The erstwhile Atascadero Colony (under “threat of litigation”) is going to give more thought to a particular public mural, and — let’s hope — the issue of public murals. The quandary, of course, is that one man’s meat is another man’s poison, that public art is both free and unavoidable, and that formally juried art is usually a death knell (ask any Impressionist).
Perhaps Atascadero could set up a regulatory process that does something like this: Let a thousand flowers bloom, and set up a website where murals are opened to “review” by city residents. At some agreed-upon threshold of dislike, it’s gotta go, to be replaced or just painted over (remember, the public has the strongest right of ownership of public space).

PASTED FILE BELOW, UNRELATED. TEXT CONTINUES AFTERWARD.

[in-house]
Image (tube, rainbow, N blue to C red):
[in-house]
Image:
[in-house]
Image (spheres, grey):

And, because there is such a thing as refined taste, the city might encourage its residents to become (as Jimi Hendrix put it) “experienced.” Documentaries such as “Exit Through the Gift Shop,” and resources such as the Artbound series at KCET.org provide free resources that can give one entry into the current of contemporary art (style is not the issue; vitality is).
Atascadero is a town with a venerable beginning, which has lost its bearings, its future. Perhaps if they were to jump into the boundless world of art, with both feet, we could then speak of the once and future Atascadero, born and reborn, of the utopian dreams of man.